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Posted 8 years ago in Platform by Craig Walker
Posted by Craig Walker

One of the places I just had to visit while spending time in the United States was Silicon Valley – even though I’ve immersed myself in the technology community in New York there is still something special about visiting the place where a lot of what we do and a lot of what we take for granted was all started.

As part of my visit I got to go & meet the team behind ExtJS, the JavaScript framework that does a lot of the grunt work behind our award winning user experience. I’ve talked about ExtJS & my love of JavaScript before (What does triple equals mean? and Building Help Center) and I must admit I may have become a little bit of an ExtJS fanboy.

Last week ExtJS as a company made some big announcements. Firstly – they changed their name. ExtJS as a name has always had some baggage (this thread on the ExtJS forum has always amused me: How do you pronounce ExtJS?). Now both the company and the brand is called Sencha. You can read more about their new identity on their blog.

You’ll see in that blog post a reference to the amalgamation of two very popular open source JavaScript projects (jQTouch & Raphael) under the umbrella of the Sencha brand. This is something that really impresses me about Sencha and reminds me a lot of what I love most about working at Xero – the people. It’s all about good people and building a great team – and lately they have hired exceptional people (including but certainly not limited to David Kaneda and Dmitry Baranovskiy).

And if that wasn’t enough for one week they’ve also released an entirely new product! Sencha Touch, an HTML5 based framework optimized for mobile web development has been in stealth mode for a while and has just been released to public beta. I’ve been playing with Sencha Touch for a while (I was lucky enough be on their private beta) and the feature set, ease of use and attention to detail is simply outstanding. Designing for mobile, especially for touch devices, is completely different to developing for desktop, irrespective of whether a web application might “work” on a mobile device without changes, the device sizes and the advent of touch interfaces changes the game – and Sencha Touch is all about developing applications specifically for mobile devices.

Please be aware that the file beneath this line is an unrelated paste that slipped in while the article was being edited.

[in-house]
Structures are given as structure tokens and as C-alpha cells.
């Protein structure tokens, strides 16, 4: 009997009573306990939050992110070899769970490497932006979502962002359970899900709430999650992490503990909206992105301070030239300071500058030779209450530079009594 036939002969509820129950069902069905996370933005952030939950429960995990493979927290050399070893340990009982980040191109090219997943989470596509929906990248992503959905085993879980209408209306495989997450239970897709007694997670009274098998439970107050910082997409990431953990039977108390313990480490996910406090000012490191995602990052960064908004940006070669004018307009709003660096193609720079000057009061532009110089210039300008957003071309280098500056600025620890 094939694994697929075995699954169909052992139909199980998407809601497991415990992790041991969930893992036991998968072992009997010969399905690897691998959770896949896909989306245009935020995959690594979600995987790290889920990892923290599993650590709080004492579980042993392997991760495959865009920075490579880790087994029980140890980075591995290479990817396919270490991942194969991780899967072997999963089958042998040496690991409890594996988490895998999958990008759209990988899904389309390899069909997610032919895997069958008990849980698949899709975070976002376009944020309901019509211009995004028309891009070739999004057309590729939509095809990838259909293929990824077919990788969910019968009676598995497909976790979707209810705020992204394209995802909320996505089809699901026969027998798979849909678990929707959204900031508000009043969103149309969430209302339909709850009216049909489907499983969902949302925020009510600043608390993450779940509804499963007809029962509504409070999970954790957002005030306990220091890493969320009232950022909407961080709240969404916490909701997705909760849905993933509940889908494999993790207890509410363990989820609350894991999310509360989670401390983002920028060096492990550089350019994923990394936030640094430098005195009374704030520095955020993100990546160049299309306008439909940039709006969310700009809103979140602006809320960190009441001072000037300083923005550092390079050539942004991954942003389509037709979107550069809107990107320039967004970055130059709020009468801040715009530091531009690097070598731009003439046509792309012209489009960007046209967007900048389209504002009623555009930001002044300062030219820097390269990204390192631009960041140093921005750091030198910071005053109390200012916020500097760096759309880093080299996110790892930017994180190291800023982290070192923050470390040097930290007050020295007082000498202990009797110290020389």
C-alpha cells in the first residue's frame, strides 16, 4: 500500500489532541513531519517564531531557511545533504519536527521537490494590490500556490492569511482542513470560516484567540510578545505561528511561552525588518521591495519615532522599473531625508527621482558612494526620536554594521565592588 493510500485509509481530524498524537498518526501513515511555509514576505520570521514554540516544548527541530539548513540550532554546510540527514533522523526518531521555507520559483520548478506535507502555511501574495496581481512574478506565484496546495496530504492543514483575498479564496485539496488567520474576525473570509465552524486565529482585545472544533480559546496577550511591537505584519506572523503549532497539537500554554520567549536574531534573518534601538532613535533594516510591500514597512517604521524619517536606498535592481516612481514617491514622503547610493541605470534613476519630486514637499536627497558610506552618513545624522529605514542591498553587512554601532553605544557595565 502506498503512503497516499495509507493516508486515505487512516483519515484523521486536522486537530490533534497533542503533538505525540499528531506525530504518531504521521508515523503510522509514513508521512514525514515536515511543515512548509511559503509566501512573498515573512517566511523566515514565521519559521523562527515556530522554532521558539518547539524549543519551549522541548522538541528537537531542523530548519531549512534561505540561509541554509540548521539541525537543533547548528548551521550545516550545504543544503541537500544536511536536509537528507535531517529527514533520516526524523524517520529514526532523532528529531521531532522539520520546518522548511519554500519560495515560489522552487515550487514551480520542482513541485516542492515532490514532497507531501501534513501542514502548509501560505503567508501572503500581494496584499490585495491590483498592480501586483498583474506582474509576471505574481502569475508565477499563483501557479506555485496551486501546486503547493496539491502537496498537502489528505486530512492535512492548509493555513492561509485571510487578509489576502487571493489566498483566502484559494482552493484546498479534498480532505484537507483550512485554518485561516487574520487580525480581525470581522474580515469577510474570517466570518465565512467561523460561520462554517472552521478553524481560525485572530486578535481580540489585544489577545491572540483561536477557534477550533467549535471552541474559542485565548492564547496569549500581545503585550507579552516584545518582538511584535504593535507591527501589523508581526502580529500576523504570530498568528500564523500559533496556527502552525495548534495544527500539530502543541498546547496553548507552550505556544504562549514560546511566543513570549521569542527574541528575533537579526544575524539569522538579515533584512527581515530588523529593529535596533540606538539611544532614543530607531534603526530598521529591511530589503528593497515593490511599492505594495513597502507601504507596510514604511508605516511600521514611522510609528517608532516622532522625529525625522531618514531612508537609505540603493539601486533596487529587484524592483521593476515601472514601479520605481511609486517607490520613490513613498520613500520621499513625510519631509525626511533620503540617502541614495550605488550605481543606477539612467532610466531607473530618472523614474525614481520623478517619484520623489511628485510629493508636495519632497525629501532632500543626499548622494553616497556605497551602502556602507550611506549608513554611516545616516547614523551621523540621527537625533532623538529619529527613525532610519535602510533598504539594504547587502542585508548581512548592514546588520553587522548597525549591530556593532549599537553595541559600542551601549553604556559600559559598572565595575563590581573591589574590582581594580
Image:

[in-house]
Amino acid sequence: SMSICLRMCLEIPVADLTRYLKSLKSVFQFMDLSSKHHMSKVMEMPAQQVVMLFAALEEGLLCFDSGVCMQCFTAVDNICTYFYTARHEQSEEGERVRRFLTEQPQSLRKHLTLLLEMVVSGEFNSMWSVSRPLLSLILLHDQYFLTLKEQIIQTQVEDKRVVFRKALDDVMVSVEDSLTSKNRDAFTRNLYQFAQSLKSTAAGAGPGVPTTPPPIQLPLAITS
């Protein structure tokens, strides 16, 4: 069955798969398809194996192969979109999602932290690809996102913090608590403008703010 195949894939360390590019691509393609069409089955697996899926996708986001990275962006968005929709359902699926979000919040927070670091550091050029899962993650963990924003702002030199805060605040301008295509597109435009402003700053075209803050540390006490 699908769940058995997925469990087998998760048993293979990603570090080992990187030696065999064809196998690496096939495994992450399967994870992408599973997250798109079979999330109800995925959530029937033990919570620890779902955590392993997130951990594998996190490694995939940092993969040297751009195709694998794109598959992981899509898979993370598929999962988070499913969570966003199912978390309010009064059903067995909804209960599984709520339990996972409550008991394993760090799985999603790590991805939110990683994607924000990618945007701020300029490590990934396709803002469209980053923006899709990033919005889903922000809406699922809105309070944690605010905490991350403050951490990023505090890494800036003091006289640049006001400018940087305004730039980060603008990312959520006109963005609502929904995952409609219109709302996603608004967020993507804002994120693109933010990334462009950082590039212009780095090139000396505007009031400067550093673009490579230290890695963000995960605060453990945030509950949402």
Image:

Steve Jobs, in his recent keynote at WWDC, said that “HTML5 is a completely open, uncontrolled platform and we fully support it”. Sencha Touch is one of the best ways to develop for that platform and create beautiful mobile applications quickly & easily (you can read more about Sencha’s quest for mobile web domination here:

Sorry for the long post but as you can see Sencha has been very busy of late so there has been a lot to share! Over the next few days I’ll be continuing my Silicon Valley adventure at the Velocity Web Performance and Operations Conference learning all about how we can make Xero as fast as possible – so expect a few geeky posts over the next few days.


Michael Buisson
June 23, 2010 at 12.42 am

I am an ExtJS fanboy too. It is a fantastic library – they seem to have pretty much thought of everything. Compared to other libraries it is very consistent to work with once you get the hang of how things work, and is really ideal for producing web applications.

Some pretty exciting times ahead with Sencha Touch and Raphael – can’t wait to see what we can do with those.

One thing that seems a bit funny with Sencha, is that the founder of ExtJS, Jack Slocum seems to have vanished from the picture. From what I can see from the early days is he was the real brains behind it all….so wonder what happened..

June 23, 2010 at 3.16 pm

ExtJS is a fantastic library, the widgety stuff is great fro building control panels and the likes, have been a huge help, especially when building backend/admin parts of websites that don’t need the polish of the frontend (but as can be seen with products like Xero, it’s great for that aswell).

Hope they can build a nice WYSIWYG soon!

Craig Walker Xero
July 2, 2010 at 5.02 am

@Brad Actually they do have a WYSIWYG designer (works on Mac, Linux & Windows):

It’s supposed to be pretty good but to be honest I haven’t really used it in anger.


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